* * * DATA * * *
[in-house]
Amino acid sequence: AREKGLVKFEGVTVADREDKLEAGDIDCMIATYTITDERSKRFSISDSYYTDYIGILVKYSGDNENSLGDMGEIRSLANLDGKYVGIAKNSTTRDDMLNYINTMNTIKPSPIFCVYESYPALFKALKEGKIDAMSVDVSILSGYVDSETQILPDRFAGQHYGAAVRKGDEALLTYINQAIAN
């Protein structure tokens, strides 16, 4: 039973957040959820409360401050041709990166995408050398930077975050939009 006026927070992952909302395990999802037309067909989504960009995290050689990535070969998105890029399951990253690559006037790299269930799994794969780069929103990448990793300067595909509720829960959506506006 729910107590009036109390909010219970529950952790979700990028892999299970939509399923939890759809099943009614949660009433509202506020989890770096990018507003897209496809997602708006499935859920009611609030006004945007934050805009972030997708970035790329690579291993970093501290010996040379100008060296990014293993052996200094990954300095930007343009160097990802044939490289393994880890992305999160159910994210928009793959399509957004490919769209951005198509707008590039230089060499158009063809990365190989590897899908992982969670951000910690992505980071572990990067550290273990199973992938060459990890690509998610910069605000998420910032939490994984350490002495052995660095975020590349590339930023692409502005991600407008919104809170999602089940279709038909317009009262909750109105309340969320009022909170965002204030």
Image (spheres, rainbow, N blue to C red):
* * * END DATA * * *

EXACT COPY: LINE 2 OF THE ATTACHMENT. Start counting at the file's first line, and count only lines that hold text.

Amino acid sequence: AREKGLVKFEGVTVADREDKLEAGDIDCMIATYTITDERSKRFSISDSYYTDYIGILVKYSGDNENSLGDMGEIRSLANLDGKYVGIAKNSTTRDDMLNYINTMNTIKPSPIFCVYESYPALFKALKEGKIDAMSVDVSILSGYVDSETQILPDRFAGQHYGAAVRKGDEALLTYINQAIAN